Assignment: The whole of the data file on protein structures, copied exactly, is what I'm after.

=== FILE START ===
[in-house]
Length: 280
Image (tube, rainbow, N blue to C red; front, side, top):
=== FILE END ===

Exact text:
[in-house]
Length: 280
Image (tube, rainbow, N blue to C red; front, side, top):